There are places that seem to be out of this world. Or it might be me and my obsession with futuristic architecture. When a location spots a design totally out of the ordinary, with unusual looks, material, angles and lines I can’t help but get all excited.
The City of Arts and Sciences in Valencia, Spain’s third largest city, is such a place. I could spend ages here wandering around and admiring the amazing structures. But the place is not only about the buildings. It is one of the largest cultural and scientific complexes in Europe and one of the twelve treasures of Spain.
It is located just about two kilometres from the historic town centre of Valencia along the old riverbed of the Turia river which after a severe flooding in the late 1950s was turned into a lovely park of some nine kilometres in length.
Designed by star architects Santiago Calatrava (a Valencia native) and Felix Candela, work at the City of Arts and Sciences started in 1996 and the first building was completed in 1998. But look at the complex today and it still feels like it belongs far into the future. That certainly tells something about the imagination of the architects.
The complex is made up of a number of different buildings that are home to various museums, an opera and a large oceanographic park.
The museums and the Oceanographic are open from 10am and depending on the season will close between 7 pm and 9 pm. You can find the exact timetable here.
However, make sure you come early to get the chance to wander around and admire the buildings and surrounding area without the crowds.
Entering from the southern side of the complex, directly behind a square hosting a number of science sculptures, what immediately captures your view is a beautiful shaded little park named the L’umbracle. It is planted with indigenous plants from Valencia like rockrose, rosemary, lavender, honeysuckle, bougainvillea and lots of palm trees. It spans the whole length of the upper boardwalk overlooking the City of Arts and Sciences. The most captivating aspect is the white arch structure that seems to float above the palm trees.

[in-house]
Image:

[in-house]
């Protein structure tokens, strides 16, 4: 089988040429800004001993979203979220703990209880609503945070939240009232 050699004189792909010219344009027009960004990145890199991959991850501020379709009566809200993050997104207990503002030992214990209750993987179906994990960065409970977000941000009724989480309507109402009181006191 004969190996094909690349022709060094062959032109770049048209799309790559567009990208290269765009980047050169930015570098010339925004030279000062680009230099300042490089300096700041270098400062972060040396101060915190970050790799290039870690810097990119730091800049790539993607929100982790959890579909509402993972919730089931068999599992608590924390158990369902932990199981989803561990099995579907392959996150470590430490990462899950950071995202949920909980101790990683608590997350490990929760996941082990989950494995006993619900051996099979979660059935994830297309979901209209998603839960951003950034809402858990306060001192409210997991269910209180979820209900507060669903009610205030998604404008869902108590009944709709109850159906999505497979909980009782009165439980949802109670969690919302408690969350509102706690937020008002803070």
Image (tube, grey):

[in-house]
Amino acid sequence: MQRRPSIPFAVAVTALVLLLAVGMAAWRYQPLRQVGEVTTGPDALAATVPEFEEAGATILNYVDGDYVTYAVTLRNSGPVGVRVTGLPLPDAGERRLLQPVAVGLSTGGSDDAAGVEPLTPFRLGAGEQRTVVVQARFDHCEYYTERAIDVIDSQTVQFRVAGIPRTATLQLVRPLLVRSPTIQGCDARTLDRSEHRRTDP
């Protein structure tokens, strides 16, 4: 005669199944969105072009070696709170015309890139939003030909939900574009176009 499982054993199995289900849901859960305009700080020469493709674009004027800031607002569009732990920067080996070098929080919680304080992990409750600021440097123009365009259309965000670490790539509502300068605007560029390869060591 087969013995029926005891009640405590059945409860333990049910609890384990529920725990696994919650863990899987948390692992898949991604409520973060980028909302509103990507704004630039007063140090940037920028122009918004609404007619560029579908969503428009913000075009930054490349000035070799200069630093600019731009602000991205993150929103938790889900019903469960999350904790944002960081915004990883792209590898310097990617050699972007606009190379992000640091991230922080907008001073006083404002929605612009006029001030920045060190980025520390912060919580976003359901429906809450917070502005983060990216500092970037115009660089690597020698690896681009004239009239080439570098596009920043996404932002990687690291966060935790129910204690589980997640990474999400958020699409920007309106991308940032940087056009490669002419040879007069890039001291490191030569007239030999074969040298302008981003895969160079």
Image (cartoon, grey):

The first building completed, the Hemisferic is also known as the planetarium or as the locals refer to it as the ‘eye of knowledge’. Looking at the structure, you will immediately understand why it’s called this. The shape of the building lets you immediately think of an eyelid. If you come when it’s dark and the building is illuminated, that impression will be even more evident with the structure mirrored in the water. Otherwise, during the day you can canoe or do stand-up paddling on the little lake surrounding the building or have some fun with the large balls floating in the water.
Perhaps my favourite building was the Museum of Sciences Principe Felipe. It is an interactive museum of science – the biggest science museum in Spain – that wants to showcase science in a fun and entertaining way. The building itself, depending on the angle you look at it, resembles the skeleton of a whale. The museum operates according to the slogan prohibido no tocar, no sentir, no pensar which means differently to other museums where visitors are not allowed to touch any of the exhibitions, here you are invited to touch, feel and think. The exhibitions are presented in a fund and easy way, encouraging the visitor to take part in the exploration of various topics such as the Zero gravity where you will be given the impression to look back on the earth from the atmosphere just like an astronaut. Totally amazing!
The opera house – El Palau de les Arts Reina Sofia – is dedicated to music and scenic arts. The building not only looks futuristic, it is also equipped with the latest, state-of-the-art technology and spots a 1,500 sq m stage! So no wonder it has become one of Spain’s most important centre for artistic events.
L’Agora is a space dedicated to various events and happenings like conventions, concerts, congresses or sports events. Its large interior was built like a covered public square.
The Oceanographic is Europe’s largest aquarium (and the third largest globally) with 110,000 sq m, 42 million litres of water and more than 500 species. The building in the middle of its area is build like a water lily. It also hosts an underwater restaurant.
Each of the various buildings of the Oceanographic reflects different aquatic environments from the Mediterranean to Tropical and Arctic regions. Expect to see the amazing belugas, dolphins, jellyfish, sea urchins, walruses, sea lions, seals, penguins, sharks, turtles and lots of different birds.
City of Arts and Sciences
Av. del Professor López Piñero, 7, Valencia, Spain